Saturday, 19 September 2015

Northern Flicker (Pic flamboyant)

     Each time I go out now I see more and more evidence that Northern Flickers Colaptes auratus are preparing for migration. They are starting to be seen in small groups of five or six birds, often feeding together on the ground, but sometimes high in the trees too.



     Preening, always an obligatory chore, perhaps assumes even greater importance than usual, since feathers need to be in prime condition for the rigours of the migratory journey ahead.





     Northern Flicker is the second largest North American picid.



     This species is divided into two distinct morphs, the yellow-shafted variant found in the east and the red-shafted form in the western part of the continent.
Not surprisingly, flickers are being caught in bird banders' nets, and these adult males clearly shows their yellow-shafted characters.






     This pair of Mourning Doves Zenaida macroura was seen in the same tree as a couple of flickers.



     Here are a few of the other species recently banded in Cambridge, ON.


Chestnut-sided Warbler

Blue-grey Gnatcatcher

Grey Catbird looking at its image on Erin's tee shirt

Juvenile Blue Jay

Juvenile Blue Jay
     Interestingly, this Praying Mantis Mantis religiosa was patrolling the nets, no doubt looking for prey.



     And this Annual Cicada (aka Dog Days Ciciada) Tibicen canicularis seemed quite content to rest on Ross' finger.
     



     It's always a great time to be a naturalist but spring and fall are perhaps the best times of all.

16 comments:

  1. Great series David. All species are new to me. Beautiful photos.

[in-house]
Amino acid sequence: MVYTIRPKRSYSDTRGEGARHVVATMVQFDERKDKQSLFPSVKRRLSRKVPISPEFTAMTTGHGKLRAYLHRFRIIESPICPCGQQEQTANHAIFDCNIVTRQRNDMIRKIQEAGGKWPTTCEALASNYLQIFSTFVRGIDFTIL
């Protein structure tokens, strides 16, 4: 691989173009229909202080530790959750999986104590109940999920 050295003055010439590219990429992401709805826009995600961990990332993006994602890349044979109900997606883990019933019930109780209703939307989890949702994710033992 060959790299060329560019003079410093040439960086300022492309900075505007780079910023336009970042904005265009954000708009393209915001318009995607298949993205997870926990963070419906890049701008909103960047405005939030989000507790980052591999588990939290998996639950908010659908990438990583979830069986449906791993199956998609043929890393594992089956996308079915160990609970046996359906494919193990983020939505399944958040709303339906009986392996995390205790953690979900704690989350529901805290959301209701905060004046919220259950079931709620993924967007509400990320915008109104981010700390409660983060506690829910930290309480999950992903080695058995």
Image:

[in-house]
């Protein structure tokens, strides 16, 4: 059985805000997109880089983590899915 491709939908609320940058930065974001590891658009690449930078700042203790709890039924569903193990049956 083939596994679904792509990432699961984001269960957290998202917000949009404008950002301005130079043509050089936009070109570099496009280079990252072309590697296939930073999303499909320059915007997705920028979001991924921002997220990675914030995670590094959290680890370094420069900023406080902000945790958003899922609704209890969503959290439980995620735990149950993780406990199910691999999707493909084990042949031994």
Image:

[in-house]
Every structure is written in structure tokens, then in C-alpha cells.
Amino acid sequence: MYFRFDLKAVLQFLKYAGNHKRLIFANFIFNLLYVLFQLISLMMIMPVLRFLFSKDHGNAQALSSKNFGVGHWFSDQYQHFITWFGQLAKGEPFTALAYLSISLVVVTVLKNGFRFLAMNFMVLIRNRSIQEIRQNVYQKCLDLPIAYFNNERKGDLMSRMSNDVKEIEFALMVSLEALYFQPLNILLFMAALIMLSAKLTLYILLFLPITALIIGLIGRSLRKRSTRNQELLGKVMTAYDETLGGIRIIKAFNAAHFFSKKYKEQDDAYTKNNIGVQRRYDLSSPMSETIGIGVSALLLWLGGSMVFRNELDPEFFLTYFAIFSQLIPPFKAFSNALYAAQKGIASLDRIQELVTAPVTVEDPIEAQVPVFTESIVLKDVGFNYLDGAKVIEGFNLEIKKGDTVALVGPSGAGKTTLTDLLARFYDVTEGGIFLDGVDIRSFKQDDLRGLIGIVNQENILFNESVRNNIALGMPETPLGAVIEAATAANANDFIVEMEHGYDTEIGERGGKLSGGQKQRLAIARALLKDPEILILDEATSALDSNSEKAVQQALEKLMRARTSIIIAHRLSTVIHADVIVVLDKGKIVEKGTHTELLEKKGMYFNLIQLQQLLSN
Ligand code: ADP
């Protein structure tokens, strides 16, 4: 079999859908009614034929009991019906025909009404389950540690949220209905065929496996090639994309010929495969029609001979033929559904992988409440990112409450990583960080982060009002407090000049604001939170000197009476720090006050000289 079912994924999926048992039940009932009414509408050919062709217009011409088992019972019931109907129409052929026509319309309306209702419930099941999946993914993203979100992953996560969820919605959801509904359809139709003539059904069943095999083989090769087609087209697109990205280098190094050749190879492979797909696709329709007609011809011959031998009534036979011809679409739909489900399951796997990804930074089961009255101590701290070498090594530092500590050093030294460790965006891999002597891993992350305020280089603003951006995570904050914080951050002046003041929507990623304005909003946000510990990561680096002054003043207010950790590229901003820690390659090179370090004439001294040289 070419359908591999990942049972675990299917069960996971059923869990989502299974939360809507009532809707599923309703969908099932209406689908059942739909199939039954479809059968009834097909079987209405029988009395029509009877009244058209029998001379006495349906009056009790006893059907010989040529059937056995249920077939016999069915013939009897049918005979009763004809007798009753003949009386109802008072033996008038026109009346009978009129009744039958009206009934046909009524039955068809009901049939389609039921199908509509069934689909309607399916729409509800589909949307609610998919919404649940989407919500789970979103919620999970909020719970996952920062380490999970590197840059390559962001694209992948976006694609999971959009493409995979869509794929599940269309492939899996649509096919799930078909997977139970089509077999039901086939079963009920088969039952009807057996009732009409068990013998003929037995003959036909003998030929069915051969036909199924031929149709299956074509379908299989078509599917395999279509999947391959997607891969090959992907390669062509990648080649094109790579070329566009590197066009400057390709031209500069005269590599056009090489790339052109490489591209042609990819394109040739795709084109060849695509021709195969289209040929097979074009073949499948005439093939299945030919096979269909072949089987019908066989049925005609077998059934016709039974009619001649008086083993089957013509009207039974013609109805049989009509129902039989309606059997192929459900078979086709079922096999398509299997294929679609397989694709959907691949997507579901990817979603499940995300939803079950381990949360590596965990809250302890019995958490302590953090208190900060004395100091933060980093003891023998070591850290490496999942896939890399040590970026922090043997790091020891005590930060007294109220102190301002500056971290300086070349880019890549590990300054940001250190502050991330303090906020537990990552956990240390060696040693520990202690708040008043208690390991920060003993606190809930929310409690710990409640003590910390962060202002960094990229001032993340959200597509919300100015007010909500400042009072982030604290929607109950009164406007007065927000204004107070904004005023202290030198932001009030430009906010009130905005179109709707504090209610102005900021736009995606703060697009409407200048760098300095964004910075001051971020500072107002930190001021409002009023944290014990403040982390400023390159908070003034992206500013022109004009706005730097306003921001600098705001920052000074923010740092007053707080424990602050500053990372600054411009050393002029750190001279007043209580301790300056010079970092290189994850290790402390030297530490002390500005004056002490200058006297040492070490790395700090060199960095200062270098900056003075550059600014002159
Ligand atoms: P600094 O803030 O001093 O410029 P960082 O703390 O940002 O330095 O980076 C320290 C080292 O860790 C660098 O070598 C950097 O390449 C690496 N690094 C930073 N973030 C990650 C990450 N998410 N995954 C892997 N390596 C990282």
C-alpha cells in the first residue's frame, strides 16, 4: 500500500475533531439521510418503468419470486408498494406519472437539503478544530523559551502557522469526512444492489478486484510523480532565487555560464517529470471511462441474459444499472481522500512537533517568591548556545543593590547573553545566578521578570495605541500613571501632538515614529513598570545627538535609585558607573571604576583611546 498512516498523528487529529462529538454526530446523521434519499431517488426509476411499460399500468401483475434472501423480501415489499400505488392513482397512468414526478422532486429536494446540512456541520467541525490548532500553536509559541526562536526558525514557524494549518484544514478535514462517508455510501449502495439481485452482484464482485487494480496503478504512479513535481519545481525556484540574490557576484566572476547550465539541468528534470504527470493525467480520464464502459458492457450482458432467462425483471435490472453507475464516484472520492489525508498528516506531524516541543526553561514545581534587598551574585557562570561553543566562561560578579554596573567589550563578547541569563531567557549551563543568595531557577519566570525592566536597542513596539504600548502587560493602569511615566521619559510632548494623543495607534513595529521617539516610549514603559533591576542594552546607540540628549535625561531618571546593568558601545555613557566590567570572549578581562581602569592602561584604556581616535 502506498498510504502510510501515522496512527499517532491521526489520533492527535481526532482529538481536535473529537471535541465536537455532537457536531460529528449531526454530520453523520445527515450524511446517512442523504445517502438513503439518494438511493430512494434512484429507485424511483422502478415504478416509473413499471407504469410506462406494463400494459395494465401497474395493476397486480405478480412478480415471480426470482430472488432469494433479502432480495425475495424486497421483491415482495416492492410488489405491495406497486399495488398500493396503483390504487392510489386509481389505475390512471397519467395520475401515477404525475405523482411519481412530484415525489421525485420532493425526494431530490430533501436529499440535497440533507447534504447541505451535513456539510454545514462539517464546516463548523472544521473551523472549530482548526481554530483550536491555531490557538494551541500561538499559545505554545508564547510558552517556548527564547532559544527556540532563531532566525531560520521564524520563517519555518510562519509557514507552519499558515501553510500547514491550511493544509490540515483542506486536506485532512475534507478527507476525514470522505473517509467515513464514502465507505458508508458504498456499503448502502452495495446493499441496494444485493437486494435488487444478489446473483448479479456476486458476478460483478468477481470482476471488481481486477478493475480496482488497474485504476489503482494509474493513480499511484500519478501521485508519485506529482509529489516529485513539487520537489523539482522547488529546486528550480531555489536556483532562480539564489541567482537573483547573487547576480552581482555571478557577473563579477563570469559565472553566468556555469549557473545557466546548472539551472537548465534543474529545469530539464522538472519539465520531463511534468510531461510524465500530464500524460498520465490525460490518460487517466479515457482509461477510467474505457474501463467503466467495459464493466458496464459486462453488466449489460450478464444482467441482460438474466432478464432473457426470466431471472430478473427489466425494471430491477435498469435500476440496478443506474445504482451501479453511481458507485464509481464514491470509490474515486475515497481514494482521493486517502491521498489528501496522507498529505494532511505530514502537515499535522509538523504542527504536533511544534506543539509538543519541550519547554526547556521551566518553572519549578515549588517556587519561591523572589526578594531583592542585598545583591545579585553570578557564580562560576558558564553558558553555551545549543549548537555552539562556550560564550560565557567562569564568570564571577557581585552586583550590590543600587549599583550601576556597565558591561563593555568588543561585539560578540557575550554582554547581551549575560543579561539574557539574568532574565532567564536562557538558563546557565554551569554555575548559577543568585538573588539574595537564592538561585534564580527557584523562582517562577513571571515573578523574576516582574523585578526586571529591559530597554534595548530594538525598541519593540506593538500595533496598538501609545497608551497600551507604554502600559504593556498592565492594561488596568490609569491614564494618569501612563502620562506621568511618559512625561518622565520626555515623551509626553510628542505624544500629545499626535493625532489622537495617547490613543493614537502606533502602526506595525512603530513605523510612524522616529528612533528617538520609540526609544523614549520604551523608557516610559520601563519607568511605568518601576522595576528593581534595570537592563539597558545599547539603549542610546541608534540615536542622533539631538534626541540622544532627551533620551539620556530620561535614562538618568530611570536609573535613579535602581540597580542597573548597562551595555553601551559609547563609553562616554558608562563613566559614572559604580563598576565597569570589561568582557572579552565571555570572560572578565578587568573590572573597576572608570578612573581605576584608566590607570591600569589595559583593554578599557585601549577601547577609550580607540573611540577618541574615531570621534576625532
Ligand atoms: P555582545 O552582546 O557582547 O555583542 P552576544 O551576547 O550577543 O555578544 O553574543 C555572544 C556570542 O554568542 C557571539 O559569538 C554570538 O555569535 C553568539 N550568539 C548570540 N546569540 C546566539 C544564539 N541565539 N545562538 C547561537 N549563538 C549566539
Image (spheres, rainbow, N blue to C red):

Have a nice weekend. Gr Jan W

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  2. Great post - I have done a lot of wader banding in the last few years - I think its time to get out with the passerines!

    Although I used to see that back at home in the UK, these days my reactions to woodpeckers anywhere in the world is similar to most bidders reactions to parrots here - great excitement!

    Cheers - Stewart M - Melbourne

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  3. So neat to actually have the birds in your hand!

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  4. Hello David,
    The Northern flicker is such a beautiful bird, a pity we don't have here!!
    The migration here in France is very slow, so many birds are missing, it has become a crucial concern.
    I still think all the effort should put into banning pesticides instead of stressing the birds in nets to band them and we have seen at le Teich how they can be trapped by a simple blade of grass because of the ring....
    Anyhow, a great post and lovely picture ;-)
    I hope you are both well, we are meeting Richard and Lindsay on the 4th of oct, we can't wait!!
    It will be a 10 days stag bellowing trip!
    Abrazos para ti y Miriam :)

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  5. Hello David, What a beautiful birds those flickers are. I never heard of them before. Great captures of them too.
    Regards,
    Roos